The result was an email in which myself and all the other authors in the group were ‘sacked.’ The publisher refused to provide the rest of the services under the contract. She also declined to refund any of the money the authors had paid upfront, even though there were unfulfilled services (print books, author websites, and marketing collateral – not to mention the promotion and sales of the books outlined in the contracts). Contact was severed as the publisher deleted her email accounts and websites and effectively disappeared. With no other recourse, I lodged a claim with the Disputes Tribunal for a refund and was awarded the full amount claimed for. The adjudicator took only half an hour to decide there had been a simple breach of contract. I’ve never recovered a cent of what is owed.
Another disgruntled author began to investigate, learning that the publisher owed many tens of thousands of dollars to suppliers from the publication of previous books. It now appeared that there had been little chance of the publisher ever fulfilling her obligations to the group of authors who had paid to be on her publishing program.
Later in the year, a journalist got a hold of the story and two articles appeared in the largest New Zealand newspaper surrounding the collapse of the publisher. You can read the first one here and a subsequent one here. In the resulting hype and commentary, a lot of assumptions were made: the authors who joined the publishing program were naïve, didn’t do their homework, had substandard books that had been rejected by every other publisher imaginable. None of it was true. The publisher had previously released some great books that were stocked by high street book stores; she was a respected fellow author who was personally known and trusted by those who joined the program; there was no way anyone could have known about the debts – these only came to light later. And were our books rejects? Definitely not! My book (and many of the others) have never been submitted to other publishers. Ever.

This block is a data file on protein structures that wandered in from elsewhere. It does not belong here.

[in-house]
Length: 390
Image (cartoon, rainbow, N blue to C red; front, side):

A couple of people in the literary industry who have read my book have suggested submitting it for a national award for middle grade fiction by an unpublished author, and this is what I have done. The outcome won’t be known until next year.
My brief flirtation with publishing has cost me a lot of time, money and heartache and all I have to show for it is a contract that isn’t worth the paper it’s written on. If there are lessons I could share from the experience, I’m not sure what they are. Others who weren’t there, and can’t know the full circumstances, have been quicker to judge and extract conclusions, all with the benefit of hindsight. But if you personally know and trust a publisher, you’ve checked them out and can see the books they’ve published sitting on the shelves of good bookstores, and you have a signed contract stipulating both parties’ rights and obligations, then what more can you do?
The conclusion I’ve reached is that sometimes in life we have to take a chance and no matter how hard you try to mitigate the risk, things don’t always work out.